In Hispanic households, it can be very hard and scary to express what gender you fancie. As we don’t expect our son or daughter to come out at the age of 7. I was in elementary school when I realized who I really am. I couldn’t turn to any of my siblings or parents as they never experience what it's like to realize you have a different sexual orientation than other people. The only thing I could turn to was colored pencils and paper. Although I could have used a poem template or flyers to express myself I find it hard to express what I really feel through anything else as art is what I used throughout my lifetime to accept myself, to find who I am, and gain new perspectives. Being able to express who I am through art is important to me as I felt trapped when I was first finding myself and when I found art it helped me gain my confidence back. I’ve used this experience to come up with different ideas on how to educate others about autism for an autism acceptance group I created. I will continue to use this as a way to think outside of the box for school, art, and for life. Going to college will help me get steps closer to my dream career. I will be a first generation and first in my family with autism to attend a 4 year college. I am stating this as a way to show you that those with different abilities can take on challenges head on. That we are capable of doing things other “normal” people can do. And being able to hold such a title is an honor to me.Throughout the years I never learned how to accept myself for who I was. I saw myself as an alien with a disease known as autism. During the summer I did community service at the Reach Program. This program opened my eyes as it showed me that having autism is as normal as having a mole on your face. This program made me feel like I was at home knowing I could be myself with those just like me. Doing this program gave me the idea that those with artificial ideologies towards autism also needed to see this side of autism and not what you see in movies. Once school started again in junior year I made a group where those with autism would be able to have a safe space as they expressed their opinions on autism and how it is being seen by the world. I led that group to the district board meeting where we expressed our feelings on stereotypes towards autism. Our speech is now gaining popularity as many begged us to use our speech in parent meetings and teacher training. This senior year I became the president of this first ever autism awareness club. And many have joined as they told me that they wanted to learn more about autism because of a family member, about themselves, and even about their parents. Throughout this experience, I learned to accept the autistic side of myself. The side that helps me generate ideas for artworks and classwork. The side that makes me who I am. I created a positive circle where those like me can be themselves without shame and embarrassment hiding within the shadows. A life lesson I got from this is that we need to understand someone from within before we decide to judge them.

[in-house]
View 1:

GRAFFITI ARTS SCHOLARSHIP